As a little girl, I loved swimming. I was a water rat. You couldn’t get me out of a pool. But now, ewe. Not my favorite thing, besides all the chlorine. But, I’m impressed with the pool walking. It sounds like an awesome low impact exercise. I’m sure you felt all those muscles and then some. May the force be with you Piper! 🙂

  6. Thanks for writing this, Piper. You’ve encouraged me to take the Pool Walker’s Creed as well. I moved to an apartment complex with a pool, and I was eager to get in there to walk and get relief for my hip, foot, and knee issues. This is a college town, and a majority of the complex’s residents are age 30 and under. I got those ‘looks’ from the tanned, skinny, bikini-clad younger set, and since I am none of those things, I had talked myself into not going back. Why should I let someone else’s attitude keep me from feeling the best I can? I’m going back.

    Pool Walkers Unite! 🙂

    • You go, girl! Think of them as irrelevant social media trolls — shallow, vain, self-important wind bags — and then paste a mirror at the bottom of the deep end of that pool so they have a place to admire themselves that will insure they are no longer a problem for you after about five minutes. 🙂

  7. Given your love of all products tactical, I thought you might enjoy this guy’s tactical yarn. Maybe he can knit you some post-pool Kevlar loungewear?

  8. Good on you! I’ve had to do various things over the years to stay alive. You do what you have to.

    Apropos arthritis, on my own experience of a related issue I believe dropping carbs, sugar and processed foods helps enormously. It’s all about de-tuning immune system reactivity. Yoga is definitely very good. My mother was an instructor for 25 years – ended up teaching the teachers before retiring. I could definitely see the benefits. Never did it myself, of course – you know, it’s not cool to follow your mum’s lead… 🙂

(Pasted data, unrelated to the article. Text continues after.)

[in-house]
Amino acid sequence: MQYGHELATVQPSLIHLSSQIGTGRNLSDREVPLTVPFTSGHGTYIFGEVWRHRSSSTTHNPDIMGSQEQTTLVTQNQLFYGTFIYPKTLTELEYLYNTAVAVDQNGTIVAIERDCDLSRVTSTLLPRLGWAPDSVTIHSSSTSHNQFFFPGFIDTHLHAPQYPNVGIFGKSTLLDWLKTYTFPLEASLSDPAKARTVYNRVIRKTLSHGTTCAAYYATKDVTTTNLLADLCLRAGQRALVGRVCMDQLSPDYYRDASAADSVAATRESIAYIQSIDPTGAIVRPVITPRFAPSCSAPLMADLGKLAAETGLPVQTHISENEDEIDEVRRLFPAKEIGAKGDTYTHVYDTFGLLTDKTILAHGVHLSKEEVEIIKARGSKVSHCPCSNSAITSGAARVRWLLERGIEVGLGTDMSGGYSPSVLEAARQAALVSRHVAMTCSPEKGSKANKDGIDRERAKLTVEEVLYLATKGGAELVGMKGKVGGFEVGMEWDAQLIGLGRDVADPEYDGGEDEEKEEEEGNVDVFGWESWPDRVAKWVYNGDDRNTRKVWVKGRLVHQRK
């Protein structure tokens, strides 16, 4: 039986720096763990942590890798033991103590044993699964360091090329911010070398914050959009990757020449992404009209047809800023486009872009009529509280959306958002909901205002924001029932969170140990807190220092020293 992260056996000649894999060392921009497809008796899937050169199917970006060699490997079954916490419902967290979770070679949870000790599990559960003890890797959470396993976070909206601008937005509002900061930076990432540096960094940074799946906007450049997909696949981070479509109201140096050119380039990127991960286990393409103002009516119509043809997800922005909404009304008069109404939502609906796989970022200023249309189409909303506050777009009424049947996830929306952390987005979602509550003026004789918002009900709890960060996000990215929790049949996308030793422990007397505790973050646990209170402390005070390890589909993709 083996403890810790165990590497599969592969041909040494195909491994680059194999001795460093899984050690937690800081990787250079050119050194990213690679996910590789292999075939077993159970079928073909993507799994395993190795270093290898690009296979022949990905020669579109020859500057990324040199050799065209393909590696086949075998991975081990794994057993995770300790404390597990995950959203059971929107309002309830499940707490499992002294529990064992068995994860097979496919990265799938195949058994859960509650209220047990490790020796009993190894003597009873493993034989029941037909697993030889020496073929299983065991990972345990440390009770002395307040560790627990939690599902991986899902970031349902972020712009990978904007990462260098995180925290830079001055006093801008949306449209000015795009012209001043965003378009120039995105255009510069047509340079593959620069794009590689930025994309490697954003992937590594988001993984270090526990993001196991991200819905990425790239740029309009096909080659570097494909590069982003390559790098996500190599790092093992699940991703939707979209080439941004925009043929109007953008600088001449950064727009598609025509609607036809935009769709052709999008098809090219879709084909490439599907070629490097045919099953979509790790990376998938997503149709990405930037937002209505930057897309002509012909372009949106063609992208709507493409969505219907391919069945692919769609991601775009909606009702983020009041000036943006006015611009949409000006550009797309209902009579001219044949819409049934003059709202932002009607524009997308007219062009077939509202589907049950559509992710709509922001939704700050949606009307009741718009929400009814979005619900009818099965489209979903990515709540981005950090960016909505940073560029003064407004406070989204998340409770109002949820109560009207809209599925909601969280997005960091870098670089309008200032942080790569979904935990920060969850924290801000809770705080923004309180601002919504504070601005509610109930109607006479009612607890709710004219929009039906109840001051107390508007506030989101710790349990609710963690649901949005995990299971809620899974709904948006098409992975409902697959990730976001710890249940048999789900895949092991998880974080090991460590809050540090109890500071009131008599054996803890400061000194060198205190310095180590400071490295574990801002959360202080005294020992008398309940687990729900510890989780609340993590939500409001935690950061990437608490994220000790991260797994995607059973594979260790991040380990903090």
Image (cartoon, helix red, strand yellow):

• LOL. So my children tell me. 🙂

      Good point about the carbs, sugar, and processed foods. I’ve been on a meat/veggie plan with almost no carbs or sugar for different reasons, and I’ve noticed I feel tremendously better. That so sucks! I mean, it would be so much nicer if there was no connection, and I could binge daily on chocolate covered marshmallows. But like you said, you do what you have to.

      • We’re doing exactly the same in our household! I said I’d join She Who Must Be Obeyed…and then discovered beer is filled with carbs. Definitely sucks. But the health benefits are very clear. I’m gonna blog on it as soon as I’m out from under with my writing frenzy (was meant to finish in April, but it’s taken way longer & and this very weekend I’ve got publisher proofs for two books sitting on my desk, both on ultra-urgent deadline. Ouch.)